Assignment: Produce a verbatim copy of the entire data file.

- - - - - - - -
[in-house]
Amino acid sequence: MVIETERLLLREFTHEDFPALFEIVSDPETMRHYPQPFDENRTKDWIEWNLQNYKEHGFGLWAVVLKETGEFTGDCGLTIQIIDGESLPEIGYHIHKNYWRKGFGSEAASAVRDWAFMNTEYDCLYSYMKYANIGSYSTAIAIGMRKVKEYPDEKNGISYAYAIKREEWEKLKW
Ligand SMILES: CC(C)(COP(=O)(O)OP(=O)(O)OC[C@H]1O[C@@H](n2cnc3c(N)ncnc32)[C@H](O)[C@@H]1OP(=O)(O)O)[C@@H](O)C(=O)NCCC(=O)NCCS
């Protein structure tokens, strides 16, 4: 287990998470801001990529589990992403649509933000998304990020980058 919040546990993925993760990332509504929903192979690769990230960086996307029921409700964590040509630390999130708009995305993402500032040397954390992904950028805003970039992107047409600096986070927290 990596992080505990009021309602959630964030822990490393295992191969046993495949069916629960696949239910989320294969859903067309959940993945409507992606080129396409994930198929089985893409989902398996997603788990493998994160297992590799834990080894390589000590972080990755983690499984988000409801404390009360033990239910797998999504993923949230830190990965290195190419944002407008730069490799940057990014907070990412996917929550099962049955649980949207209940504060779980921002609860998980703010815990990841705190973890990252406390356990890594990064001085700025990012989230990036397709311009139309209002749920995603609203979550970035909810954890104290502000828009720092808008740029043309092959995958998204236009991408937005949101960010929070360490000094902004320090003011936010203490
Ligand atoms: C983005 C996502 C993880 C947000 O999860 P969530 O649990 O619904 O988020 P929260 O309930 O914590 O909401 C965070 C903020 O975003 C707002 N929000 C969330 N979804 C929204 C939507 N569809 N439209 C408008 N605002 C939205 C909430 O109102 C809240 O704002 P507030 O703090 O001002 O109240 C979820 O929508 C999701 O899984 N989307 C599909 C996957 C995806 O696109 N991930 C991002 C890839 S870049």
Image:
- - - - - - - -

[in-house]
Amino acid sequence: MVIETERLLLREFTHEDFPALFEIVSDPETMRHYPQPFDENRTKDWIEWNLQNYKEHGFGLWAVVLKETGEFTGDCGLTIQIIDGESLPEIGYHIHKNYWRKGFGSEAASAVRDWAFMNTEYDCLYSYMKYANIGSYSTAIAIGMRKVKEYPDEKNGISYAYAIKREEWEKLKW
Ligand SMILES: CC(C)(COP(=O)(O)OP(=O)(O)OC[C@H]1O[C@@H](n2cnc3c(N)ncnc32)[C@H](O)[C@@H]1OP(=O)(O)O)[C@@H](O)C(=O)NCCC(=O)NCCS
């Protein structure tokens, strides 16, 4: 287990998470801001990529589990992403649509933000998304990020980058 919040546990993925993760990332509504929903192979690769990230960086996307029921409700964590040509630390999130708009995305993402500032040397954390992904950028805003970039992107047409600096986070927290 990596992080505990009021309602959630964030822990490393295992191969046993495949069916629960696949239910989320294969859903067309959940993945409507992606080129396409994930198929089985893409989902398996997603788990493998994160297992590799834990080894390589000590972080990755983690499984988000409801404390009360033990239910797998999504993923949230830190990965290195190419944002407008730069490799940057990014907070990412996917929550099962049955649980949207209940504060779980921002609860998980703010815990990841705190973890990252406390356990890594990064001085700025990012989230990036397709311009139309209002749920995603609203979550970035909810954890104290502000828009720092808008740029043309092959995958998204236009991408937005949101960010929070360490000094902004320090003011936010203490
Ligand atoms: C983005 C996502 C993880 C947000 O999860 P969530 O649990 O619904 O988020 P929260 O309930 O914590 O909401 C965070 C903020 O975003 C707002 N929000 C969330 N979804 C929204 C939507 N569809 N439209 C408008 N605002 C939205 C909430 O109102 C809240 O704002 P507030 O703090 O001002 O109240 C979820 O929508 C999701 O899984 N989307 C599909 C996957 C995806 O696109 N991930 C991002 C890839 S870049």
Image: